Why Middle East is the land of the rising Sunnis
Part of Sunni axis: Erdogan
The identity of some of the foreign generals who attended a secret conference convened last month by Britain’s Chief of Defence Staff General Sir David Richards may seem, at first, surprising.
The meeting was aimed at co-ordinating aid to the Syrian rebel groups and included military chiefs from the US and France, in addition to representatives of Syria’s neighbours, Turkey and Jordan. But around the table were also senior officers from Qatar and UAE. Both countries are on the Persian Gulf, over 1,000 miles from Syria.
The presence of the Gulf generals at the conference was far from coincidental: the meeting took place as the ground war in Syria, ongoing now for 22 months, took a decisive change of direction. Rebel forces are capturing major Syrian army bases daily and taking up strategic positions around Damascus and Aleppo. The tables seem to turning. This is largely due to an influx of arms financed by the Qatar, the UAE and Saudi Arabia. Crucially, those weapons include anti-aircraft missiles.
These missiles are just the tip of the iceberg of what some are now calling “the Sunni axis”, reaching from the Persian Gulf to Turkey. The main Sunni players have identified Syria as a central battleground against the Shia axis reaching from Iran through the current government of Iraq, Syria and the most powerful force in Lebanon, Hizbollah. In Syria, the Sunnis are not just standing up for the rebels — Sunnis themselves — but seeking to take out a major link in the Shia axis.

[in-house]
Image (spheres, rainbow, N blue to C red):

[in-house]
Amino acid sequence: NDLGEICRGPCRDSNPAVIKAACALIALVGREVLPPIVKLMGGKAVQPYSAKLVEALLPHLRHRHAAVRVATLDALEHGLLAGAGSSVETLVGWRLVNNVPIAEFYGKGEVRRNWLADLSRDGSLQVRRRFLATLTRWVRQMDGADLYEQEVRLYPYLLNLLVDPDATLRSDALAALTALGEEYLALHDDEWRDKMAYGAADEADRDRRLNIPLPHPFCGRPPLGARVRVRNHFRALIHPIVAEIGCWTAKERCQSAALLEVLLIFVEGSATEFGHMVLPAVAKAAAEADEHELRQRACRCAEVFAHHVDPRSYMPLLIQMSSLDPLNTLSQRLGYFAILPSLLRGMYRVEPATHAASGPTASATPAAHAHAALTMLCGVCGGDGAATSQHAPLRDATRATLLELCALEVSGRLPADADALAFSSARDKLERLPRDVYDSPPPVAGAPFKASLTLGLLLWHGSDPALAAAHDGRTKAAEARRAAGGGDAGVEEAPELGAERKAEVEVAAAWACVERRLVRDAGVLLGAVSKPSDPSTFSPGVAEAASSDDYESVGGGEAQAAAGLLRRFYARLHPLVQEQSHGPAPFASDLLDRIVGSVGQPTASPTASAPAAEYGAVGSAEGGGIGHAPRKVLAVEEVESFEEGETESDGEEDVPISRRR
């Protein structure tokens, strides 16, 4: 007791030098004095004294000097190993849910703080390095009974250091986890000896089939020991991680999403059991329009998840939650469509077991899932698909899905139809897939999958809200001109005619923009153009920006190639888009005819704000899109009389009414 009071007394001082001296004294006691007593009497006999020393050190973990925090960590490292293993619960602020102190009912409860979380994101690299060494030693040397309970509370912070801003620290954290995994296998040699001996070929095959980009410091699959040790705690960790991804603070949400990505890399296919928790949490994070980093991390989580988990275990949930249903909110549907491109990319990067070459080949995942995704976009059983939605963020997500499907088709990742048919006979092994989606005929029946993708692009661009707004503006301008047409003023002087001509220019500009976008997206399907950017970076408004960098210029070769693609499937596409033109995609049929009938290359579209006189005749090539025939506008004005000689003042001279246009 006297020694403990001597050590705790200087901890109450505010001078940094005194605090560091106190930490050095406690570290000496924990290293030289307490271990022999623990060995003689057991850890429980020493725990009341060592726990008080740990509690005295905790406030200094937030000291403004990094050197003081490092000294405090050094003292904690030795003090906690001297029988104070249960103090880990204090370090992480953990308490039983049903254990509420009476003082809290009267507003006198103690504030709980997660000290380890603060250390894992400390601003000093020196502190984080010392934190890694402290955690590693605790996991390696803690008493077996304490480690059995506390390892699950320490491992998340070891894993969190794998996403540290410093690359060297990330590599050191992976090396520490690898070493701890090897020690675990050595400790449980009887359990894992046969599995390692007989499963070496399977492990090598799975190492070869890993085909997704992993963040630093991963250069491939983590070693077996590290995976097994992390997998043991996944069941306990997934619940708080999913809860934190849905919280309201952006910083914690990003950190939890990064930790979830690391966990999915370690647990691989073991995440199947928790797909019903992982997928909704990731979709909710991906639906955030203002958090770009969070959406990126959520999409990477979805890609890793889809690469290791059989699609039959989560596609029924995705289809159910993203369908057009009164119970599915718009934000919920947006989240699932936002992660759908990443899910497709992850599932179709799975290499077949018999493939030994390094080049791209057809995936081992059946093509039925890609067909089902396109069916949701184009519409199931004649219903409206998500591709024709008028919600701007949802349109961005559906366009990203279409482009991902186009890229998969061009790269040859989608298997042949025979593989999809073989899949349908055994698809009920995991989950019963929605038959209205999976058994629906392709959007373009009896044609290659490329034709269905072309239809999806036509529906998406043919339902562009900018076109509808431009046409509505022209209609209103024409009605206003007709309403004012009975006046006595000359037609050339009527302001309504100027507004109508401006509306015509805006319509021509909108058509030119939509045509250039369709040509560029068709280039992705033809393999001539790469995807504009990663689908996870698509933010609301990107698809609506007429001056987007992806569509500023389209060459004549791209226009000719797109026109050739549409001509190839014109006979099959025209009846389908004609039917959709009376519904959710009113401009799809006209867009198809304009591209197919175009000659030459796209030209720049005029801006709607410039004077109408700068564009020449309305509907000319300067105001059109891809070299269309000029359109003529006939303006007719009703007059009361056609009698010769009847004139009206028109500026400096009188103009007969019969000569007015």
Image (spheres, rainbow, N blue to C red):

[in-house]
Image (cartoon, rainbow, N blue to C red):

Less active in Syria, but a central Sunni power all the same, Egypt has been deeply involved with another major Sunni battleground: Gaza. Egypt was the main broker in the ceasefire talks between Israel and Hamas last month.
Meanwhile, the Emir of Qatar made a historic visit to Gaza two months ago, promising huge investments. And two years ago, it was the Turkish movement IHH, which has links to the Erdogan government, that sent the Marmara flotilla.
For Turkey and Egypt, Muslim Brotherhood ideals unite them with Hamas and much of the Syrian opposition. The Gulf states, meanwhile, are driven by a fear of Iran and an ambition to convert their oil wealth into international influence.